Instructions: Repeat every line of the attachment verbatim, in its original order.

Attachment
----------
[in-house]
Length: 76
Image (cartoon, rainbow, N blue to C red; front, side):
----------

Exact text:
[in-house]
Length: 76
Image (cartoon, rainbow, N blue to C red; front, side):